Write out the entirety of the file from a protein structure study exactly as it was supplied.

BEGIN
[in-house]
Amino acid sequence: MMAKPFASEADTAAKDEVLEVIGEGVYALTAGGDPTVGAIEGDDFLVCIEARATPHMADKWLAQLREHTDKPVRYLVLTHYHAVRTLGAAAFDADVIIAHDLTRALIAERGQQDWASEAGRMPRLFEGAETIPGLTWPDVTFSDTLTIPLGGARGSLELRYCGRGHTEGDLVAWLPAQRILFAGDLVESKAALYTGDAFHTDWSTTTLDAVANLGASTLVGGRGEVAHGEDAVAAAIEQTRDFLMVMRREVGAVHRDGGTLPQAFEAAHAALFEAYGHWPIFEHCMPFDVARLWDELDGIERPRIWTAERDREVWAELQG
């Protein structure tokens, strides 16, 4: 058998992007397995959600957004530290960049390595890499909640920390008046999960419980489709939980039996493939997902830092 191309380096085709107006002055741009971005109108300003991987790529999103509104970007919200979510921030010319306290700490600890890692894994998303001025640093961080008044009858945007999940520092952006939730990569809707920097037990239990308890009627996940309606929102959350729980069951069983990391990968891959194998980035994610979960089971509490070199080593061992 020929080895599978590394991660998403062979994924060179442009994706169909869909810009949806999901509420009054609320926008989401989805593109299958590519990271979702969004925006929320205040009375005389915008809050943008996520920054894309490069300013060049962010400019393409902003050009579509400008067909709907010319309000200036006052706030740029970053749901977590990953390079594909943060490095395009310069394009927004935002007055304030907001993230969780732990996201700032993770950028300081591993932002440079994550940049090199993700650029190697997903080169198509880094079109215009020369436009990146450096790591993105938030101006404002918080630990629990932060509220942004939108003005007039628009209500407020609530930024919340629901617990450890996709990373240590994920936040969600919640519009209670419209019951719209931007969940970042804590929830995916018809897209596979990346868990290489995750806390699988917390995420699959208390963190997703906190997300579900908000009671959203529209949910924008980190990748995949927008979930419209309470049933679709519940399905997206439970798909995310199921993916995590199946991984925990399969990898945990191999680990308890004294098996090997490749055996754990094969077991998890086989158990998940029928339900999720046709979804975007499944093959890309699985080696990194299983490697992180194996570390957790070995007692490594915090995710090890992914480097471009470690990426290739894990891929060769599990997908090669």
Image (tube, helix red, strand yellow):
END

[in-house]
Amino acid sequence: MMAKPFASEADTAAKDEVLEVIGEGVYALTAGGDPTVGAIEGDDFLVCIEARATPHMADKWLAQLREHTDKPVRYLVLTHYHAVRTLGAAAFDADVIIAHDLTRALIAERGQQDWASEAGRMPRLFEGAETIPGLTWPDVTFSDTLTIPLGGARGSLELRYCGRGHTEGDLVAWLPAQRILFAGDLVESKAALYTGDAFHTDWSTTTLDAVANLGASTLVGGRGEVAHGEDAVAAAIEQTRDFLMVMRREVGAVHRDGGTLPQAFEAAHAALFEAYGHWPIFEHCMPFDVARLWDELDGIERPRIWTAERDREVWAELQG
């Protein structure tokens, strides 16, 4: 058998992007397995959600957004530290960049390595890499909640920390008046999960419980489709939980039996493939997902830092 191309380096085709107006002055741009971005109108300003991987790529999103509104970007919200979510921030010319306290700490600890890692894994998303001025640093961080008044009858945007999940520092952006939730990569809707920097037990239990308890009627996940309606929102959350729980069951069983990391990968891959194998980035994610979960089971509490070199080593061992 020929080895599978590394991660998403062979994924060179442009994706169909869909810009949806999901509420009054609320926008989401989805593109299958590519990271979702969004925006929320205040009375005389915008809050943008996520920054894309490069300013060049962010400019393409902003050009579509400008067909709907010319309000200036006052706030740029970053749901977590990953390079594909943060490095395009310069394009927004935002007055304030907001993230969780732990996201700032993770950028300081591993932002440079994550940049090199993700650029190697997903080169198509880094079109215009020369436009990146450096790591993105938030101006404002918080630990629990932060509220942004939108003005007039628009209500407020609530930024919340629901617990450890996709990373240590994920936040969600919640519009209670419209019951719209931007969940970042804590929830995916018809897209596979990346868990290489995750806390699988917390995420699959208390963190997703906190997300579900908000009671959203529209949910924008980190990748995949927008979930419209309470049933679709519940399905997206439970798909995310199921993916995590199946991984925990399969990898945990191999680990308890004294098996090997490749055996754990094969077991998890086989158990998940029928339900999720046709979804975007499944093959890309699985080696990194299983490697992180194996570390957790070995007692490594915090995710090890992914480097471009470690990426290739894990891929060769599990997908090669």
Image (tube, helix red, strand yellow):